In Depth Show Blog - January 27, 2014

Monday - 1/27/2014, 4:36pm EST

This is the In Depth show blog. Here you can listen to our interviews, find more information about the guests on the show each day, as well as links to other stories and resources we discuss.

Today's guests:

Rob Burton
Partner
Venable LLP

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Suspension or debarment may be coming to U.S Investigative Services, the largest contractor of background investigation services. The Justice Department filed a civil complaint against the company last week. The club of suspension or debarment is one Congress wants agencies to use more often. But doing that won't necessarily make for better contracting. Rob Burton is a partner at the Venable law firm and former Deputy Administrator of Federal Procurement Policy.

Mike Causey
Senior Correspondent
Federal News Radio

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More cold weather and snow is headed our way this week. The chatter about last week's Polar Vortex blast is still resonating across the government. Federal News Radio Senior Correspondent Mike Causey says Katherine Archuleta has one of the toughest jobs in Washington this time of year.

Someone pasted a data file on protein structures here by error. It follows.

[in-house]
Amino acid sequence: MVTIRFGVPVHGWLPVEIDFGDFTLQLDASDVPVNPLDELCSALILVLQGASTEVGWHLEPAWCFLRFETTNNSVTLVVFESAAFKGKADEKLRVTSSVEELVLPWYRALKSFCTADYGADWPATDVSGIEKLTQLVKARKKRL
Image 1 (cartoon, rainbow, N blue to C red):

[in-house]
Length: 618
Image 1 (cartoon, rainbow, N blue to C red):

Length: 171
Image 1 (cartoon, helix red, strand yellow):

Zina Merritt
Director of Defense Capabilities and Management Issues
Government Accountability Office

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Trimming overhead costs could help the Defense Department invest extra money in its most critical programs. Zina Merritt is director of Defense Capabilities and Management Issues at the Government Accountability Office. GAO is looking at how well DoD is meeting the goals of a department-wide initiative to save $100 billion by fiscal 2016.

David Hawkings
Senior Editor
Roll Call

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After several years of governing by crisis, Congress is back to work this week with only one major crisis in front of it. And even that one may go away quietly. David Hawkings is senior editor at Roll Call and host of the Hawkings Here blog on RollCall.com.

Jason Miller
Executive Editor
Federal News Radio

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The White House rewrites a 3-year-old bill to make spending data more transparent and accessible. And some open government advocates are less than happy with the administration's suggestions to the Senate's version of the Digital Accountability and Transparency Act, or DATA Act.


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